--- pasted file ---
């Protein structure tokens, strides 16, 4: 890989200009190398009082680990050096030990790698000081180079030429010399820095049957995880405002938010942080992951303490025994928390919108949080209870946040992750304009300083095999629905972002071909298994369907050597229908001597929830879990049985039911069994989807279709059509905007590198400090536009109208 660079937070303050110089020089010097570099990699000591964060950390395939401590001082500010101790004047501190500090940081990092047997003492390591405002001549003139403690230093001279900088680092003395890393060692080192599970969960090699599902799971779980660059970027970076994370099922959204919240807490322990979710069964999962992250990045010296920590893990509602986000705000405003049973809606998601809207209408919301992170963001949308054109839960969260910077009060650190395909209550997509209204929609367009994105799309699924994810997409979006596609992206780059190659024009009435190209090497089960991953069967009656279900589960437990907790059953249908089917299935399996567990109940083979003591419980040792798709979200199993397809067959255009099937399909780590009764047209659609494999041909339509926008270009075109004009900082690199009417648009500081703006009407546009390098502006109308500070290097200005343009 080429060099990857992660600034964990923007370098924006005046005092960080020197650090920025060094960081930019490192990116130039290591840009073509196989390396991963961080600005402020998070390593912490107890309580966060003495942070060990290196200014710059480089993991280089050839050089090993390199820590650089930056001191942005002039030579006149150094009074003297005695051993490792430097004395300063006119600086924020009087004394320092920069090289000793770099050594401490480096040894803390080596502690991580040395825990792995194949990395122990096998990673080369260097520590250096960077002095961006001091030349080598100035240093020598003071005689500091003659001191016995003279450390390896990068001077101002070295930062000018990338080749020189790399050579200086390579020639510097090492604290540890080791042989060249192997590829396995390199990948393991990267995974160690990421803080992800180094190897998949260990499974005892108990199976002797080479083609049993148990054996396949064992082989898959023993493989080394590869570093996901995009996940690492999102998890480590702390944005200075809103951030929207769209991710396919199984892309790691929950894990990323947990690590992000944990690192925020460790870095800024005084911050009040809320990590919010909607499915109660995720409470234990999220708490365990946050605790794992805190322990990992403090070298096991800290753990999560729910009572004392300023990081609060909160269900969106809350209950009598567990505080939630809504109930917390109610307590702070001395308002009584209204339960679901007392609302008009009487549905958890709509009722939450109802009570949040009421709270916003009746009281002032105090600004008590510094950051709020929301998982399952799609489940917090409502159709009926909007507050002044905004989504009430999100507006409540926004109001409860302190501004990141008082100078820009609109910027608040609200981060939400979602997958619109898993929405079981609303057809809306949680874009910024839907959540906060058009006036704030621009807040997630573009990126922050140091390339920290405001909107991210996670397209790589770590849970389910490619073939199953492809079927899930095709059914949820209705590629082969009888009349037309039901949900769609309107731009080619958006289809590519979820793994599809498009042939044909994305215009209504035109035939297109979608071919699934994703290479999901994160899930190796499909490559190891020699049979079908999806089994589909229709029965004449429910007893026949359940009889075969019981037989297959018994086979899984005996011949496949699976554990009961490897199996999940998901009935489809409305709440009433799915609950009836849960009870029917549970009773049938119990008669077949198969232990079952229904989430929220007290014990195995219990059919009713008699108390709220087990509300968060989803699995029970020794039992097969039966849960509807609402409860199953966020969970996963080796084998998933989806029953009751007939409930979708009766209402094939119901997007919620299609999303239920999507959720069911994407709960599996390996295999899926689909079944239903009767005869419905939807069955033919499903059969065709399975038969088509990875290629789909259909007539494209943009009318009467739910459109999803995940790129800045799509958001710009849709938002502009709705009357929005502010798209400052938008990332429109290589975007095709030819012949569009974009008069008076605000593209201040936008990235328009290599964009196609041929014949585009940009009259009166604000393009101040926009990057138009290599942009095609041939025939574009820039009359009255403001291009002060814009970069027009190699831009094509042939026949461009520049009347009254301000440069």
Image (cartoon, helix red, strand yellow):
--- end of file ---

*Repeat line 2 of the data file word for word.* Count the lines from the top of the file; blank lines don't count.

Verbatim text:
Image (cartoon, helix red, strand yellow):